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I know how we define a vacuum in flat space QFT and also in a curved space QFT. But, can somebody tell me how do the choice of vacuum state in (say) the CFT side of AdS/CFT changes the choice of vacuum state in gravity side? Let me ask the other way. I mean if we pick a vacuum (say in bulk side, because it may not be unique), how does it reflect on the CFT vacuum (and vice versa)? So, my question is how does this choice reflect on both sides and how do we generally make the identification?


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The vacuum is an eigenstate of the energy operator corresponding to the lowest allowed eigenvalue. When there are two equivalent descriptions of a physical model, the vacua of both descriptions are obviously identified with each other because they satisfy the same condition I just described. If you're asking about something else than the trivialities I just said, then it could help if you were a little bit more comprehensible. – Luboš Motl Oct 5 '11 at 17:08
Sorry for my misunderstandings. So, I don't have any problem with CFT side. But, I was thinking that because in the bulk side, we sometimes use field theory and its not a flat space, so whether it will be possible to choose different vacua by Bogoliubov transformations as is done in QFT in curved space subject. If that is so, then how will those different choices of vacua be identified with vacuum in CFT side. I mean in that case, what I am talking about are different mode expansions of a field in bulk side. So, will that similarly correspond to different modes in CFT side? – user1349 Oct 5 '11 at 20:58
So, I have this two theories, one at bulk and other at boundary. And being equivalent their vacuua must be identified as you said. Now, suppose I make a Bogoliubov transformation to pick another set of creation/annihilation operator and hence a new vacuua. How did then the CFT side vacuum changed? E.g. in dS space I have this series of alpha vacuua. So, if a CFT description of dS QG exists, then how will going from one alpha vacuua to other, change the CFT vacuua? – user1349 Oct 5 '11 at 21:05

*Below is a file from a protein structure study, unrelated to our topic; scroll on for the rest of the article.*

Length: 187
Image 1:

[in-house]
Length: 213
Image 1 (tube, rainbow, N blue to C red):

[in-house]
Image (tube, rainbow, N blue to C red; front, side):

Dear Disinterested, a random Bogoliubov transformation that renames combinations of creation and annihilation operators in the bulk as annihilation operators isn't a particularly natural operation in general and you shouldn't call the state annihilated by such new "annihilation" operators a vacuum. A vacuum is the lowest-energy eigenstate of an energy operator. In AdS/CFT, it's the global $H$ energy generating translations in time. – Luboš Motl Oct 6 '11 at 5:11
On both sides, one may also consider the spectrum of other generators of the superconformal groups, and if there are ground states, they match as well. If you want to play with individual creation/annihilation operators in the bulk of the AdS, you won't find an easy dictionary in the CFT. The locality itself fails to be manifest on the CFT side even though it's manifest in the AdS bulk description. ... dS/CFT is a completely different issue and according to everything I can say, it's just wrong: we had long discussions with Andy Strominger about it and he would surely disagree. – Luboš Motl Oct 6 '11 at 5:13
up vote 7 down vote accepted

I only know of this problem being discussed for scalars. In AdS, there's a unique SO(d-1,2) invariant vacuum, so your question doesn't apply. In de Sitter space, on the other hand, you have a one-parameter family of dS invariant vacua, labeled by a complex parameter alpha. Switching between these vacua can be accomplished by what's called a Mottola-Allen transform, and this corresponds to perturbing the CFT by some marginal deformation (at least in three-dimensional dS). See Bousso, Maloney, and Strominger for details.

I'm not really sure if these alpha vacua are so physical though. Taking the standard Euclidean vacuum, which is the analytic continuation of the vacuum from the sphere, corresponds to demanding that the fields start as plane waves, which sounds pretty reasonable. Also, Harlow and Stanford show that analytically continuing the infrared wavefunction from AdS gives the dS wavefunction with Euclidean initial conditions, so the alpha vacua are in some sense not as "preferred".

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